And so, after two years without a visit to continental Europe, late last month we returned to Provence. It was like greeting a familiar friend. The main square in the village of Biot, pictured on the home page, was one such example. Welcome to the Côte d’Azure! Or should that now read Covid d’Azure? Because things are also somewhat different these days.

A quiet square in the hilltop village of Mougins, a place which captures perfectly the special essence of Provence

We had got appropriately kitted up beforehand, not only with the relevant NHS app but with its French equivalent so that we (that is me, my wife, one of our sons and his girlfriend) could prove we had all been double-jabbed. At one restaurant we were asked to confirm that all four of us had got the pass, to which we said we had, but they never checked – which I guess was rather naughty of them. Mostly, even for just a coffee, they did check.

Although he was Spanish, Pablo Picasso lived most of his life in France and died here in Mougins in 1973, aged 91

Otherwise, the holiday was much as one might expect for that part of the world at that time of year; in fact, perhaps the weather was even better than one could reasonably have hoped. Most considerately, pretty much the only time it rained was while we were sleeping. Clouds were almost rare a sight as flying pigs. (OK, we didn’t actually see any of those.) It seldom got below 20 degrees even in the evening.

A quiet Saturday morning in Valbonne – mind you, you should see the place 24 hours beforehand…the Friday market is gently chaotic

There was, though, one other aspect of the holiday affected by covid regulations. We had to take a test three days before travelling back to the UK. All went well for all of us, which was not a surprise, but inevitably there is that occasionally recurring nagging doubt in the back of one’s mind in the day or two before taking it. What if I test positive? I mean, I really love being in the South of France but I’d like it a lot less well if I was forced to quarantine there! It’s hard to imagine being able to summon up much holiday spirit in that circumstance.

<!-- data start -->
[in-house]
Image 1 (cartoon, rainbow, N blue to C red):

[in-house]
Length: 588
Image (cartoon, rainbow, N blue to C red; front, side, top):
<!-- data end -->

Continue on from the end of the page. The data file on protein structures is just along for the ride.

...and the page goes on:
A bottle of red: I bought this because of the label, thinking it quite un-French to make fun of their own wine; in fact, it was very drinkable

Finally, after that visit to a familiar friend, I’m finding the feel-good factor post return has lasted longer than it seemed to do before; the sense of having had the opportunity to go away seems more abiding and deeper. It is obviously always somewhat disappointing when a holiday comes to an end, but if you never returned home, then the place you returned to wouldn’t be…er, home. Would it? Probably needless to say, I can hardly wait to do it again – although, things being what they are, I will have to wait a while.